Everything American Expats Should Know About Dealing with Two Tax Returns

expats filing two tax returns

US citizens and green card holders who earn over $10,000 (or $400 from self-employment) are obliged to file a federal income tax return wherever they live. If they are resident in another country, they have to file a return there too. In both cases, penalties can be harsh for not filing, so it’s important to understand both sets of obligations as soon as possible. The first step is to understand what needs doing and by when.

Federal US obligations

Taxes owed for any calendar year are due by the following April 15th, however the return (form 1040) doesn’t need to be filed until June 15th. Furthermore, you can request an extension for filing your return until October 15th online.

The Foreign Account Tax Compliant Act (FATCA) meanwhile requires US expats to attach form 8938 to their return declaring overseas assets of the total value is over $200,000.

Furthermore, US expats who have at least $10,000 dollars in total in accounts outside the US at any time during the tax year must also submit an FBAR (Foreign Bank Account Report) declaring their overseas bank accounts. In practice this is form 114 which from 2016 must be filed online by April 15th, though again an extension will be available until October 15th.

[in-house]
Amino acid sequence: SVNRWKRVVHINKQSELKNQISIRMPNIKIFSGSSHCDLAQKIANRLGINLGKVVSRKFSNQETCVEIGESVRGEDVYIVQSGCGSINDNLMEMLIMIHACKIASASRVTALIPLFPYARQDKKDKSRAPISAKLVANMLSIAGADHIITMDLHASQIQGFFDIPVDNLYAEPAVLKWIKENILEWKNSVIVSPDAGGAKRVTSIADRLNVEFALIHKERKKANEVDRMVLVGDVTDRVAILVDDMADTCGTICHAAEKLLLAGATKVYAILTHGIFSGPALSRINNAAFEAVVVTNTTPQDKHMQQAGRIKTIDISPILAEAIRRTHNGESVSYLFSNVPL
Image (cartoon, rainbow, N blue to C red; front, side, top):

The IRS has two main provisions to help prevent double taxation, and the US also has tax treaties with many countries, so most US expats won’t be taxes on the same foreign earned income twice.

The Foreign Earned Income Exclusion (FEIE) relieves US expats from paying tax on the first $100 thousand, more or less, of income earned abroad. The exclusion can be claimed using Form 2555, attached to form 1040. If you are married to a US citizen or green card holder who also has foreign income, you can both claim up to the full amount.

The Foreign Tax Credit meanwhile allows you to claim as a credit against your US liability a dollar for every dollar of income tax you’ve paid to the government in your country of residence. It can be claimed alongside the FEIE, however depending on your circumstances, it can make more sense to just claim the Foreign Tax Credit. As a rule of thumb, if income taxes are higher in your country of residence than the US this will be the case.

Dates and rates in your country of residence

In most cases, you can find out about your tax obligations in your country of residence with an online search. The first things that you need to know are filing dates and tax rates, along with whether you can file online or whether you need to fill out a paper form. If the latter, can you download it, or do you have to go somewhere to ask for it? In most countries you’ll need to register with the national tax authority soon after arriving, so you should find out how this works early on. If you are employed abroad, your employer should be able to help with this. If in doubt, ask someone you trust to recommend you a good local accountant.

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